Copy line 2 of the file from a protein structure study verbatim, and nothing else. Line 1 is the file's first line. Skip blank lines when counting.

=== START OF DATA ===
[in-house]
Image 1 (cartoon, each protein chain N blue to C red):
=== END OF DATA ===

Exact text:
Image 1 (cartoon, each protein chain N blue to C red):